London pre-open: Stocks seen muted on vaccine news
London stocks were set for a muted open on Wednesday following a mixed session on Wall Street, after the Johnson & Johnson Covid-19 vaccine was paused over blood clot concerns.
The FTSE 100 was called to open just five points higher at 6,895.
CMC Markets analyst Michael Hewson said: "Some of yesterday’s Dow weakness was down to Johnson and Johnson shares coming under pressure after their one-shot jab was suspended by US regulators, due to concerns about blood clots.
"If all this sounds rather familiar it is, given that the jab is very similar to the AstraZeneca one as it is a modified adenovirus, in the same way the Astra/Oxford jab is. US regulators want more time to study the data before continuing the rollout of the jab.
"European regulators had already been exploring blood clot links a few days ago so the US suspension is not good news, while it was being reported that Pfizer was upping the price for its Covid19 vaccine to €19.50 a jab over the next few years."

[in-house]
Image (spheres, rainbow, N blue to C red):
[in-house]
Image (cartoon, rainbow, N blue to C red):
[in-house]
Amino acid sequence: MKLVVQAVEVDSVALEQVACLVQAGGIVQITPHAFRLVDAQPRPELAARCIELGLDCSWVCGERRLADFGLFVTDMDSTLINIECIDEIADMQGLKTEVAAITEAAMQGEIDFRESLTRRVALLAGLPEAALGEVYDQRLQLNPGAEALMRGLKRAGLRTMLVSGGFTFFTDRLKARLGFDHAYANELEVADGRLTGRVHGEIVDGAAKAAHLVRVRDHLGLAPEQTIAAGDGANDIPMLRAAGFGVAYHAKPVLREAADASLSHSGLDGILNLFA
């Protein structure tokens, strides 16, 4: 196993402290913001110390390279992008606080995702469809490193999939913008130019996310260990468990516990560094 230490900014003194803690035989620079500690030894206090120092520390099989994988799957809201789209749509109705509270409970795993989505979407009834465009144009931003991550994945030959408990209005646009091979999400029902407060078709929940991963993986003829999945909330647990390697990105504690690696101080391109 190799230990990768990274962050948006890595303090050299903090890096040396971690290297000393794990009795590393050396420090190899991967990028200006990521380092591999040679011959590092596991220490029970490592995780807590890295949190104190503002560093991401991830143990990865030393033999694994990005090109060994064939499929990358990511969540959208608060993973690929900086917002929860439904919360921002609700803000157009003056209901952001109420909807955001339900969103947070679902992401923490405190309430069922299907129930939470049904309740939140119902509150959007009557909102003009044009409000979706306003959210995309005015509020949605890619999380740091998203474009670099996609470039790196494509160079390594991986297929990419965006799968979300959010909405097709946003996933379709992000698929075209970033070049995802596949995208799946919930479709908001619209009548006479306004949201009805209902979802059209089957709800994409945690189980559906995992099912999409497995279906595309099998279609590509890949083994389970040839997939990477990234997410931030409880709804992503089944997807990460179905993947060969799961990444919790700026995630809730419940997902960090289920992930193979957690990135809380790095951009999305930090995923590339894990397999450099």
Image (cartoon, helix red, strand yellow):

In corporate news, Tesco reported an unchanged annual dividend as the supermarket chain reported a 20% drop in annual profit after Covid-19 costs outweighed higher revenue.
Pre-tax profit for the year to the end of February fell to £825m from £1.03bn a year earlier as sales excluding fuel rose 7% to £53.4bn. Analysts had expected pre-tax profit of £891m.
Tesco proposed a final dividend of 5.95p per share taking the annual payout to 9.15p - the same as a year earlier. Tesco said the annual dividend was higher than its policy allowed for, reflecting its confidence in future cash flows.
British Land said it had collected 82% of total rent for the year ended 31 March, with collection for offices at 99%, and retail at 70%.
The FTSE 100 company said 76% of March rent had been collected to date, adding that it made 1.4 million square feet of total lettings and renewals in retail in the first 11 months of the financial year, ahead of the prior year.
As at 12 April, 79% of its retail properties were open, following the opening of non-essential retail in England and Wales.